So.  When I find books that give me truth, I cherish them.  When I read books that entertain me and give me an afternoon away from myself, I enjoy them.  When I find that the book that I’ve enjoyed has slipped behind my back and fed a hunger that hurts me in some way, I remove it from my life.  And those books that I know will feed hungers or moods that harm me, I never pick up.

Feeding yourself, whether it be food or drink or words, should be a matter of honesty with oneself.

I am the richest woman in the world

… well, at least in the way I count riches.  And I suffer from survivor guilt.   I don’t deserve my life.  I am unable to give back properly, however I try.

We’ve been talking about how our myths are shaped by our realities (and vice versa).  My reality is amazing.   I have always been surrounded by agape love.    My given name even means “beloved”.   I can honestly say that I take love for granted.   I can force my brain to consider other possibilities, but frankly I assume that you’re going to be kind to me, just because that’s how people are.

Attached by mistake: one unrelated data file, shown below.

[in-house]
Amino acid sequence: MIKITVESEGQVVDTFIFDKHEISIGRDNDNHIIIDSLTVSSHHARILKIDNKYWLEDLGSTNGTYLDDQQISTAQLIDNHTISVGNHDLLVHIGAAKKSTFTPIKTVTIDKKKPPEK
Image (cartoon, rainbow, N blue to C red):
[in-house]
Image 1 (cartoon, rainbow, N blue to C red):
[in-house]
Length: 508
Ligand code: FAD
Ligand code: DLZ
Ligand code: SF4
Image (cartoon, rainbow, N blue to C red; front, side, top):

When I had my reality crashed into… when I found out that real people that I knew and loved, not just people in books, had dealt with the unimaginable… that messed with me.  How do *I* deserve to have a good life?  I don’t.  I didn’t do anything.  God chose me for this.  Why?

Speaking of being raised a certain way… I was raised so if your loved ones are hungry and you’re full, you share.  I can’t share my assumptions.  I can’t share my past.  I can share my love – I can love on as many people as come into my circle, but it never feels like enough.  It can never be enough.  My little bit can never offset my riches.  It’s impossible for me to share, and it makes me crazy sometimes.  I scramble around, frantic, trying to do enough, to somehow pour the joy and love inside of me into the people around me.  And I fail.

They call this survivor guilt, I’m told.  I don’t have some weird need to have been hurt – thanks, but no thanks.  I’ve got a few scars, don’t want any more.  But there’s no end to the need, I feel like one woman against an ocean… All my post-childhood experience has done is show me the extent of the need.